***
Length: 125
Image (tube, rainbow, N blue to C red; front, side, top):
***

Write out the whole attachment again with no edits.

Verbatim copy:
Length: 125
Image (tube, rainbow, N blue to C red; front, side, top):